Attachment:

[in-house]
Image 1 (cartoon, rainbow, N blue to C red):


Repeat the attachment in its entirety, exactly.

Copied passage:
[in-house]
Image 1 (cartoon, rainbow, N blue to C red):